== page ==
Qantas To Delay A350-1000 Order Decision Until At Least December

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Qantas has deferred a decision on Project Sunrise and its A350-1000 order until the end of the year. Until recently, the airline had stuck to the pre-announced timeline with a decision due this month. But with Qantas now going into survival mode, the best-laid plans have gone out the window.

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Qantas has deferred a decision on ordering A350-1000 until December. Photo: Andrew Curran / Simple Flying

Project Sunrise is the tagline for Qantas’ highly publicized proposed ultra-long-haul nonstop flights. Destinations included New York, London, Rio de Janerio, and Capetown. Late last year, Qantas said a modified A350-1000 was its preferred aircraft to operate these flights.

Qantas extends order deadline with Airbus

The Australian airline placed a tentative order with Airbus for 12 of the aircraft. Airbus had given Qantas a 31 March deadline to confirm that order. But ET is reporting that Qantas Boss, Alan Joyce, has approached Airbus asking for an extension.

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“We would rather wait for the coronavirus issue to be out of the way before we put a firm aircraft order in for the A350.”

Some have suggested that Mr Joyce is trying to lever Airbus into offering a better deal. The planes have suddenly got a lot more expensive. Qantas collects most of its revenue in AUD but pays for planes in USD. The AUD is sliding fast against the USD.

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Qantas is grounding all of its international aircraft from the end of March. Photo: Andrew Curran / Simple Flying

But it is far more likely that Mr Joyce needs to get his airline through the current crisis and collapse in demand for travel.

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Yesterday, Qantas announced the cessation of all international services as of 31 March. It also has slashed capacity on domestic routes, including key trunk routes. Yesterday, Mr Joyce said;

“The efforts to contain the spread of Coronavirus have led to a huge drop in travel demand, the likes of which we have never seen before. This is having a devastating impact on all airlines.”

We have to plan for this lasting 6 months, 12 months, 18 months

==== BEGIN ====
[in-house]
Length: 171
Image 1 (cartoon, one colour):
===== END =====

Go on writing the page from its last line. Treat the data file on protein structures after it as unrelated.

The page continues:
In an interview with Hamish McDonald on ABC’s Radio National Breakfast earlier today, Alan Joyce said Qantas is one of the strongest airlines in the world and one of the best positioned to get through the downturn.

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But he expects things to get worse before they get better.

“This is the biggest crisis the industry has ever been in, bigger than 9/11, the GFC. Parts of the economy are starting to shut down. I think we are going to have a severe deep recession or depression, an economic hit that’s going to be significant.

“Things are moving so fast … Changes by market, by country. You have to adapt and be flexible. We are reacting to what we see at the time and taking immediate action.”

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Qantas has to be adaptable and flexible, says CEO Alan Joyce. Photo: Qantas

The problem is no-one knows how long this will last for.

“We have to plan for this lasting 6 months, 12 months, 18 months.”

Mr Joyce is unapologetic for the drastic steps he has taken this week. He says his priority is the survival of the airline and the welfare of its employees (the airline is standing down two-thirds of its workforce). In that context, an order for a dozen A350-1000 is not so important.

“We need to position Qantas to get through this … We are ensuring Qantas is here for the long run.

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Doz

Total respect for Mr Joyce who has chosen not to draw a salary this year unlike BA boss Alex ‘Peter Barlow’ Cruz who has been ruining BA reputation and taking a £1.3mill a year salary up from £850000 the year before. Cruz expects his staff to take unpaid leave as well.

Tom

I quite agree with Mr. Joyce for this one, he did not go salary for him or the company and strategic planning could make Qantas survive after the pandemic dwindles. I think I can at least wait until December to see Qantas A350-1000. So it’s fine for me, and the aviators. 🙂

Dave

Even when this Coronavirus pandemic is finally over I dont think airlines will ever be the same again. I also dont think passengers will like being stuck on an aircraft for something like 17 hours or more. When I flew from Heathrow to Perth whch was over a year ago people on board where coughing and sneezing during the flight. I think passengers will always look back on the virus and how easy it was to spread globally.